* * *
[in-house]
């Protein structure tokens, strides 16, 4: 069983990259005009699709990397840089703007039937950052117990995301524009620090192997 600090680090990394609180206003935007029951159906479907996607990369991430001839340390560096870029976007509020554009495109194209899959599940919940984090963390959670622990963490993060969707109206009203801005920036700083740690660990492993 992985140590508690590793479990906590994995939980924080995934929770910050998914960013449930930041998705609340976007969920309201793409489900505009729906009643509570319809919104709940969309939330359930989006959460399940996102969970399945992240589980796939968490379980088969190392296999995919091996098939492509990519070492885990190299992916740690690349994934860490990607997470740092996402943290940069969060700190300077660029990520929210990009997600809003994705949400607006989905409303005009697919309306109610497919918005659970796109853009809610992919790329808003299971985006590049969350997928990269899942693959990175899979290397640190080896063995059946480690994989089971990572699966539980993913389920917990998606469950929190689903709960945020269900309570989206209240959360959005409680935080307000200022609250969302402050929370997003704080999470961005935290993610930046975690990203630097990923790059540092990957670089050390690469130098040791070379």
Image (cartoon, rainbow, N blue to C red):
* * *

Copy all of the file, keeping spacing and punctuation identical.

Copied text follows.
[in-house]
């Protein structure tokens, strides 16, 4: 069983990259005009699709990397840089703007039937950052117990995301524009620090192997 600090680090990394609180206003935007029951159906479907996607990369991430001839340390560096870029976007509020554009495109194209899959599940919940984090963390959670622990963490993060969707109206009203801005920036700083740690660990492993 992985140590508690590793479990906590994995939980924080995934929770910050998914960013449930930041998705609340976007969920309201793409489900505009729906009643509570319809919104709940969309939330359930989006959460399940996102969970399945992240589980796939968490379980088969190392296999995919091996098939492509990519070492885990190299992916740690690349994934860490990607997470740092996402943290940069969060700190300077660029990520929210990009997600809003994705949400607006989905409303005009697919309306109610497919918005659970796109853009809610992919790329808003299971985006590049969350997928990269899942693959990175899979290397640190080896063995059946480690994989089971990572699966539980993913389920917990998606469950929190689903709960945020269900309570989206209240959360959005409680935080307000200022609250969302402050929370997003704080999470961005935290993610930046975690990203630097990923790059540092990957670089050390690469130098040791070379």
Image (cartoon, rainbow, N blue to C red):